ICT ‘promises improved healthcare’

ICT may benefit African healthcare Copyright: WHO/TDR/Crump

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[NAIROBI] Applying information and communication technology (ICT) to healthcare will result in improved, efficient, quality and timely medical care in the developing world.

This was the conclusion of the Afrihealth 2007 Conference, held last week (18–19 September) in Nairobi, Kenya.

Florence Ngumi, dean of the School of Medicine, University of Nairobi, said “The value of ICT in health is that it will increase access to health information for professionals, teachers, clinicians, health institutions and the general public, which will make health management a lot easier than ever before.”

Rajeev Tatkar, of India-based 21st Century Health Management Solutions Pvt Ltd, said electronic medical records present both a challenge and an opportunity for doctors, patients, hospital staff, hospital management, health authorities and research and educational agencies.

Tatkar’s company sets up electronic medical recordkeeping systems for health institutions, making medical records available to multiple users where and when they are required, in the form in which the user needs them.

“In India, [electronic medical recordkeeping] has started taking shape in the last six months and has tremendously improved the provision of health services in institutions like the Asian Institute of Gastroenterology at Hydrabard and Narayan Hrudayalaya hospital in Bangalore,” he told SciDev.Net.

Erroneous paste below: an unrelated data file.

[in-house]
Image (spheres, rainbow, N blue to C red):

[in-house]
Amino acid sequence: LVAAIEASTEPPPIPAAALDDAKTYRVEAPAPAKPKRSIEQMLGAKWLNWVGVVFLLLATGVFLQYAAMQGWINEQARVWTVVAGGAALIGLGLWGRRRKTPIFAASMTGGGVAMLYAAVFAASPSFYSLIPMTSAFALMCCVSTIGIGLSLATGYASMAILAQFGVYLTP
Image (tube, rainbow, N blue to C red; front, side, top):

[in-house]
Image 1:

Tatkar perceived encouraging a change of mindset among health professionals as the main challenge to implementing e-healthcare and moving away from paper recordkeeping. He also highlighted the lack of government policies and legal frameworks to promote and implement the technologies.

In a case study presented at the conference, Adesuwa Akinboro of the African Medical Research Foundation spoke of a pilot e-learning programme organised with the Kenyan Ministry of Health and the Nursing council of Kenya to train nurses in Kenya using computers.

Akinboro said an evaluation of the project, which started in 2005, found that nurses showed improved knowledge, skills and attitudes, as well as better patient care.

Esther Ogara, of the Kenyan health ministry, emphasised that using ICT was particularly crucial in delivering health services to places where patients have to walk long distances to reach health facilities, and there is a shortage of health workers.

She added, however, that there is need to adopt appropriate technology in line with local demands and to take into account local circumstances.